District U-46 is on the lowest tier and received a total of $177.3 million for its education fund in state aid last year.

Spokeswoman Mary Fergus said U-46 used some of the new state revenue to hire guidance counselors in its middle schools, positions that had been vacant for more than a decade. Additionally, high school students and some middle-schoolers in advanced math classes received Chromebooks from the district last year. The goal this year is to outfit all students beginning in fifth grade with the devices, she said.

Northwest Suburban High School District 214 received $3.1 million more in education fund revenue, and Palatine-Schaumburg High School District 211 received nearly $1.9 million more.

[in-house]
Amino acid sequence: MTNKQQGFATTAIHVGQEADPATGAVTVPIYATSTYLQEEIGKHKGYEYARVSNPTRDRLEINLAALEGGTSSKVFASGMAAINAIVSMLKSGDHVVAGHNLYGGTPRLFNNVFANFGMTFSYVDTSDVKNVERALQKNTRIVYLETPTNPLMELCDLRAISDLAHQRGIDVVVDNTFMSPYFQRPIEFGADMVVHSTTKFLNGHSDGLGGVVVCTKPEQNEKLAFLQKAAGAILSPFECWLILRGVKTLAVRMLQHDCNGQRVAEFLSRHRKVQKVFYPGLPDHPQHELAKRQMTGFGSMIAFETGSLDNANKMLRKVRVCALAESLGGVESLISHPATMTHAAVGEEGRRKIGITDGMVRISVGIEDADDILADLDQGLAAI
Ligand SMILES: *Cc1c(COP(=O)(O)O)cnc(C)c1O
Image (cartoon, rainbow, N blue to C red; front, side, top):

In all, the districts in the analysis reported more than $286.7 million in new education fund revenue in 2018 combined from all sources. The additional state aid from the new funding formula accounted for 54.3% of that new revenue, according to the analysis.

Got a tip?

Contact Jake at jgriffin@dailyherald.com or (847) 427-4602. And go to dailyherald.com/subscribe to access the entire Suburban Tax Watchdog archive.

0 Comments
 
Article Comments ()
Guidelines: Keep it civil and on topic; no profanity, vulgarity, slurs or personal attacks. People who harass others or joke about tragedies will be blocked. If a comment violates these standards or our terms of service, click the X in the upper right corner of the comment box. To find our more, read our FAQ.